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FITNESS CHALLENGES: THE PROS/CONS

Fitness Challenges The Pros Cons

Here’s the thing: there’s nothing wrong with trying to improve yourself – and a challenge might be a good way to motivate yourself. But we should probably discuss whether it’s the best way to go about it and since I’m not really doing anything else right now it seems like a good time.

 

Firstly, the ground rules. For any exercise strategy to work you’ll need three things:

  • Effort – is what you’re doing challenging enough to make your body respond?
  • Consistency – are you doing it regularly enough to build on those responses?
  • Progress – are you increasing the challenge regularly to ensure you keep responding?

 

So let’s apply this to the idea of a typical “squat challenge” – a month of daily routines of bodyweight squats. If you’ve never done squats, it will be a challenge to your body and induce a response (stronger booty). The almost-daily nature is certainly consistent. And the escalating challenge is as progressive as a drama major. So from the outset, it seems like a winner.

Not so fast.

Let’s look closer. Starting with effort – how much is too much? Could this challenge be excessive for some? Absolutely. And that could lead to an injury. Same for consistency – if your body is not getting time to recover it might break down instead of build up. Not good. And then let’s discuss the nature of progress. So you get to the end of the month. Now what? Just keep adding squats ad nauseam? Just squat from sunrise to set? This is your life now? I’m mostly joking.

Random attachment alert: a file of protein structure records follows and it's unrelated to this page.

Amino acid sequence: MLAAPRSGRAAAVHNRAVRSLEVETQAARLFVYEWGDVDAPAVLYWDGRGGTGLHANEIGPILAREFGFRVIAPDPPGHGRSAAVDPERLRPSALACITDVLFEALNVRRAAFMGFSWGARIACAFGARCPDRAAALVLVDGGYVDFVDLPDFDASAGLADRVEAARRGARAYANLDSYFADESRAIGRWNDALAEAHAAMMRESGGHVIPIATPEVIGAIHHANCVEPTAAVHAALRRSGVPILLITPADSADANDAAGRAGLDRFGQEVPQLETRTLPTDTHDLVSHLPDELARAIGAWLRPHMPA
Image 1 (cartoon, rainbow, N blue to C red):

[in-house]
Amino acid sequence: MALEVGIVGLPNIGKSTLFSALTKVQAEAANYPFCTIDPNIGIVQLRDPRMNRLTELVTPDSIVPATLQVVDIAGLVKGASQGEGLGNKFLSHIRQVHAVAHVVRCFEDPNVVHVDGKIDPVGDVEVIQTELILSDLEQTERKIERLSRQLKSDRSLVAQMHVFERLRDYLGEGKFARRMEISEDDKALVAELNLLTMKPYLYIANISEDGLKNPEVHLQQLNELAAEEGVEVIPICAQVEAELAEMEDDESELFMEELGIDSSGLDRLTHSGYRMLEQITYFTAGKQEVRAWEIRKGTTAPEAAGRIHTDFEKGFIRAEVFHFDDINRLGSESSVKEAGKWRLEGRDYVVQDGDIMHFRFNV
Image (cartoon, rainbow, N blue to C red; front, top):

My point is this: muscle growth is caused by three interrelated things:

  1. Muscle tension – the amount of weight you’re putting on the glutes
  2. Muscle damage – the microscopic tears that happen every time you contract your glutes
  3. Muscle fatigue – the chemicals released when the muscle runs out of juice

 

Why am I telling you this? Because if you want to keep improving that badonkadonk, you’ll need to keep increasing at least one of those three factors. (And fyi: most of your strength gains in the first few weeks are due to neurological changes – not muscle gains.)

Will it be fatigue? There is only so tired you can make a muscle. When it’s done, it’s done. And increasing the volume of squats will take longer and longer. So, perhaps damage? Firstly: ouch. Secondly: there is a definitely such a thing as too much damage (obviously). And so: to my point. Smart money says increasing the tension is your best bet to continue improving. That means more weight i.e. put something on your back before you drop it low and pick it up slow.

And so my conclusion:

  • Squat challenges can be a great jump-start to rearranging the junk in yo trunk
  • With great power comes great responsibility – don’t stick to a program if it’s hurting you.
  • Our bodies don’t change overnight, nor even overmonth (it’s a word now ssshhh) – you need to keep progressing for far longer than a month to make proper changes and that probably means more tension i.e. resistance i.e. weights/bands/whatevs.
  • Remember: effort, consistency, and progress.

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